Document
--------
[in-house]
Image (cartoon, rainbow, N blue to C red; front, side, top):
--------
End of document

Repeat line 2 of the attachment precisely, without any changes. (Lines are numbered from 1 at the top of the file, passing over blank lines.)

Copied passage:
Image (cartoon, rainbow, N blue to C red; front, side, top):